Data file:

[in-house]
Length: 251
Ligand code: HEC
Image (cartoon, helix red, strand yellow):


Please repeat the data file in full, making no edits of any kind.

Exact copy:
[in-house]
Length: 251
Ligand code: HEC
Image (cartoon, helix red, strand yellow):